Bernanke argues that the knowledge that their discussions and decisions will one day be scrutinized will compromise the freedom of the Open Market Committee to pursue sound policy. If it is sound and honest and serves no special interest, what’s the problem?

He claims that HR 1207 would give power to Congress to affect monetary policy. He dreamt this up to instill fear, an old statist trick to justify government power. HR 1207 does nothing of the sort. He suggested that the day after an FOMC meeting, Congress could send in the GAO to demand an audit of everything said and done. This is hardly the case. The FOMC function under HR 1207 would not change.

The detailed transcripts of the FOMC meetings are released every 5 years, so why would this be so different and what is it that they don’t want the American people to know? Is there something about the transcripts that need to be kept secret, or are the transcripts actually not verbatim?

Fed sycophants argue that an audit would destroy the financial markets’ faith in the Fed. They say this in the midst of the greatest financial crisis in history brought on by none other than the Federal Reserve. In fact, Chairman Bernanke stated on November 14th 2007, “A considerable amount of evidence indicates that Central Bank transparency increases the effectiveness of monetary policy and enhances economic and financial performance”.

They also argue that an audit would hurt the value of the U.S. dollar. In fact, the Fed, in less than a 100 years of its existence, has reduced the value of the 1914 dollar by 96%.

They claim HR 1207 would raise interest rates. How could it? The Fed sets interest rates and the bill doesn’t interfere with monetary policy. Congress would have no say in the matter and besides, Congress likes low interest rates.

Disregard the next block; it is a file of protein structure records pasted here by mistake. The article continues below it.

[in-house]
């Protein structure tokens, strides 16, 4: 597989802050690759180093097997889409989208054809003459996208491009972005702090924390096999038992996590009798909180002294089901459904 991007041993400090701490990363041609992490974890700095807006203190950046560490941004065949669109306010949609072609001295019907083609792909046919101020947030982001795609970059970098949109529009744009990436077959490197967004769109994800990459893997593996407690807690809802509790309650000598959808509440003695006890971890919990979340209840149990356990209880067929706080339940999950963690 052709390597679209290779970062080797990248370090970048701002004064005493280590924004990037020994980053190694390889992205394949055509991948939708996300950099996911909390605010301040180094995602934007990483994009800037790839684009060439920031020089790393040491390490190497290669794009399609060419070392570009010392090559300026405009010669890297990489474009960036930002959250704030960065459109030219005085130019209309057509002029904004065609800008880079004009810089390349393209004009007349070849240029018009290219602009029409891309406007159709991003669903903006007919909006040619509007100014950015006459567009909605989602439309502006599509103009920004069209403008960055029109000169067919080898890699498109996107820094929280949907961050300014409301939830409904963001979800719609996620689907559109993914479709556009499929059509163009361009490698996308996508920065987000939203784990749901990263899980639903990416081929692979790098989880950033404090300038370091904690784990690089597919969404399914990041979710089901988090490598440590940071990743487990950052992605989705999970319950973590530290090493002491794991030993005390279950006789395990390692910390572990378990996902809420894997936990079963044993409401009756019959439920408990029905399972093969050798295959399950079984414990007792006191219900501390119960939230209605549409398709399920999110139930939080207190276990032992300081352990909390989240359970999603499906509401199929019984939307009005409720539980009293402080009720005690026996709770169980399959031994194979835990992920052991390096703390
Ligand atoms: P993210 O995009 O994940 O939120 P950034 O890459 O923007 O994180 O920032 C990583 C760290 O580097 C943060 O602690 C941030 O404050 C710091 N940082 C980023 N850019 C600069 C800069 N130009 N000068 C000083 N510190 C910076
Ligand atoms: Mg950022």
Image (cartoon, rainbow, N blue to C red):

It is argued that the Fed wouldn’t be free to raise interest rates if they thought it necessary. But Bernanke has already assured the Congress that rates are going to stay low for the foreseeable future. And again, this bill does nothing to allow Congress to interfere with interest rate setting.

Fed supporters claim that they want to protect the public’s interest with their secrecy. But the banks and Wall Streets are the opponents of HR 1207, and the people are for it. Just who best represents the public’s interest?

The real question is: why are Wall Street and the Fed so hysterically opposed to HR 1207? Just what information are they so anxious to keep secret? Only an audit of the Federal Reserve will answer these questions.



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What Ben Bernanke is telling Congress about Ron Paul’s Fed audit plan

Aug 3, 2009 18:12 UTC

This bit from the WSJ‘s interview with John McCain caught my eye:

“You have no idea the pressure I was under,” he says. “I remember being on the phone with President Bush, Vice President Cheney, the Treasury secretary and [Fed Chairman Ben] Bernanke. They assure me the world financial system is going to collapse if I don’t vote for the bill. So I do the impetuous and rash thing by saying, look, I have got to go back to Washington and see how I can help. And by the way, so did Obama—but it was McCain that was the impetuous one. Obama came back to Washington.” Mr. McCain grumbles, “He was at the White House with me. But he wasn’t impetuous.”